DENVER - The NRA's never-ending political revenge cycle started anew on Friday when gun proponents announced a second attempt to recall Colorado State Sen. Evie Hudak of Arvada, less than six months after their first attempt failed. This is not surprising. I've been in politics twenty years, worked for two women senators and a congresswoman, and the vitriol directed at Sen. Hudak, Rep. Rhonda Fields,and the Colorado legislative women over the new gun safety laws was the worst I've ever seen.
Colorado has the highest percentage of women in a state legislature nationally, and with four major gun safety bills sponsored by women, the efforts struck a deeply misogynist nerve among gun proponents. One of the most vocal opponents of the legislation, Dudley Brown's Rocky Mountain Gun Owners, is known for thuggish tactics against women legislators in both parties. As former Republican legislator BJ Nikkel put it in the Denver Post, "He and his 'gang' operate as political terrorists."
Like many women who speak out and act against gun violence and injustice, women legislators subsequently received a barrage of attacks including threats of sexual violence. A number merited referral to state and federal law enforcement. A sampling:
"…my prayers won't be answered because you are way to (sic) fat and ugly for anyone to rape. You are a pig. I don't just mean the way you look either."
"…You are an inconsiderate bitch and I hope you get raped at gunpoint then I'm sure you'd want a gun as well."
"…You should buy a gun and kill yourself you disgusting, ugly, fat piece of sh*t."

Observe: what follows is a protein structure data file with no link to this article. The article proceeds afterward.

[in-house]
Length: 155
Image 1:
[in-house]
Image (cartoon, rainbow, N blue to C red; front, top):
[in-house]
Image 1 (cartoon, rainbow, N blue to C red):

Two people were arrested for death threats against legislators, and many members requested police protection. Fields' own son, Javad Marshall Fields, was shot to death in 2005, and, like Rep Carolyn McCarthy, she got into public service on a platform of stopping gun violence. Her reward for protecting the rest of us was to have a squad car parked in front of her house for the duration of the session.
Here's what every advocate fighting violence against women knows: guns are a deadly threat to women. Among more than two dozen high-income countries in the world, 85 percent of all the women killed by firearms are U.S. women. Nine women each week are shot to death by their husband or intimate partner. The presence of a gun is the single highest risk factor for turning domestic abuse into domestic homicide. This why the Colorado Coalition Against Domestic Violence testified in support of the gun safety legislation, including Hudak's bill making it harder for domestic abusers to keep a weapon.
Telling women to be afraid and buy guns is an indicator of financial desperation because gun manufacturers are scrambling to find new markets with women - and anyone else. Gun ownership overall is declining sharply, to less than a third of American households overall and less than a quarter for households under 30. According to the New York Times, "The share of American households with guns has declined over the past four decades, a national survey shows, with some of the most surprising drops in the South and the Western mountain states … Household gun ownership among Americans under the age of 30 fell to 23 percent this decade."
So with their markets declining and public support for gun safety laws increasing, gun proponents are turning to revenge and intimidation against public officials, especially women public officials. And poisoning our public discourse along the way.
- Read Susan Milligan: The NFL's Washington Redskins Should Change Their Name
- Read Jamie Stiehm: Blame Texas for Ted Cruz – and the Government Shutdown
- Check out U.S. News Weekly, now availableon iPad
Corrected 10/07/13: An earlier version of this post incorrectly identified which representative ran on a platform of stopping gun violence. It was Rep. Carolyn McCarthy, D-N.Y.